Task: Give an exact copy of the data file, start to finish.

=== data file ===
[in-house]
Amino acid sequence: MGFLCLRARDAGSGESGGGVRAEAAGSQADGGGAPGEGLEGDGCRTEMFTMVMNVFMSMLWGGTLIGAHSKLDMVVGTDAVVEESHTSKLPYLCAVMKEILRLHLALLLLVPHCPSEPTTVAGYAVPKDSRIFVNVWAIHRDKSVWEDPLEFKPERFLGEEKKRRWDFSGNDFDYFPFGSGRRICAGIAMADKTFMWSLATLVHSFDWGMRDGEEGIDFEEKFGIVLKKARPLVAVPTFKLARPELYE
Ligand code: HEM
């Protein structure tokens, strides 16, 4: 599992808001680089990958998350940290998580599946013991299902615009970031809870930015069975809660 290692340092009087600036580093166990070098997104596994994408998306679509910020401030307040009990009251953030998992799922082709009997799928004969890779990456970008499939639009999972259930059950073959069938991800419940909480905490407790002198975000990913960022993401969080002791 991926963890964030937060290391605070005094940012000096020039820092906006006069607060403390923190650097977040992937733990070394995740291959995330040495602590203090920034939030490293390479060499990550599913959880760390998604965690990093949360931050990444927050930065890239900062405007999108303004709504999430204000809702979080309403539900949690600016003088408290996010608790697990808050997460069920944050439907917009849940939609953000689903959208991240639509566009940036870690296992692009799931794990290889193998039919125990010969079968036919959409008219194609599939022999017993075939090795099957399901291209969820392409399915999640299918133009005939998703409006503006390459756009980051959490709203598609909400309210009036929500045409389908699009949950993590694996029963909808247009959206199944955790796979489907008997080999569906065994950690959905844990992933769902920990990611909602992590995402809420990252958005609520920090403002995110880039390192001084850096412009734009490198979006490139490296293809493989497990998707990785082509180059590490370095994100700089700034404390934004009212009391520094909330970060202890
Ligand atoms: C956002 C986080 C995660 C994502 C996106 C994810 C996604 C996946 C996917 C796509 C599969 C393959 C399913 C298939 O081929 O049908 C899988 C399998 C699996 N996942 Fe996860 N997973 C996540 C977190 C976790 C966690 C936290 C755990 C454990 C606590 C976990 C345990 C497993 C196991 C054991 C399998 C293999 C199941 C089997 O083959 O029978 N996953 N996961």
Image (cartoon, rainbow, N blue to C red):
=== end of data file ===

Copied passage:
[in-house]
Amino acid sequence: MGFLCLRARDAGSGESGGGVRAEAAGSQADGGGAPGEGLEGDGCRTEMFTMVMNVFMSMLWGGTLIGAHSKLDMVVGTDAVVEESHTSKLPYLCAVMKEILRLHLALLLLVPHCPSEPTTVAGYAVPKDSRIFVNVWAIHRDKSVWEDPLEFKPERFLGEEKKRRWDFSGNDFDYFPFGSGRRICAGIAMADKTFMWSLATLVHSFDWGMRDGEEGIDFEEKFGIVLKKARPLVAVPTFKLARPELYE
Ligand code: HEM
């Protein structure tokens, strides 16, 4: 599992808001680089990958998350940290998580599946013991299902615009970031809870930015069975809660 290692340092009087600036580093166990070098997104596994994408998306679509910020401030307040009990009251953030998992799922082709009997799928004969890779990456970008499939639009999972259930059950073959069938991800419940909480905490407790002198975000990913960022993401969080002791 991926963890964030937060290391605070005094940012000096020039820092906006006069607060403390923190650097977040992937733990070394995740291959995330040495602590203090920034939030490293390479060499990550599913959880760390998604965690990093949360931050990444927050930065890239900062405007999108303004709504999430204000809702979080309403539900949690600016003088408290996010608790697990808050997460069920944050439907917009849940939609953000689903959208991240639509566009940036870690296992692009799931794990290889193998039919125990010969079968036919959409008219194609599939022999017993075939090795099957399901291209969820392409399915999640299918133009005939998703409006503006390459756009980051959490709203598609909400309210009036929500045409389908699009949950993590694996029963909808247009959206199944955790796979489907008997080999569906065994950690959905844990992933769902920990990611909602992590995402809420990252958005609520920090403002995110880039390192001084850096412009734009490198979006490139490296293809493989497990998707990785082509180059590490370095994100700089700034404390934004009212009391520094909330970060202890
Ligand atoms: C956002 C986080 C995660 C994502 C996106 C994810 C996604 C996946 C996917 C796509 C599969 C393959 C399913 C298939 O081929 O049908 C899988 C399998 C699996 N996942 Fe996860 N997973 C996540 C977190 C976790 C966690 C936290 C755990 C454990 C606590 C976990 C345990 C497993 C196991 C054991 C399998 C293999 C199941 C089997 O083959 O029978 N996953 N996961």
Image (cartoon, rainbow, N blue to C red):